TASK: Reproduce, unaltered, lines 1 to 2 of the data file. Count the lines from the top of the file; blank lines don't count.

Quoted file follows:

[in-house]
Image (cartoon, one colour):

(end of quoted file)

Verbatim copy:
[in-house]
Image (cartoon, one colour):